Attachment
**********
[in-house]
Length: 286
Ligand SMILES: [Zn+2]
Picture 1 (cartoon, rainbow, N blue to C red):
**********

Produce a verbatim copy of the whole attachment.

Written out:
[in-house]
Length: 286
Ligand SMILES: [Zn+2]
Picture 1 (cartoon, rainbow, N blue to C red):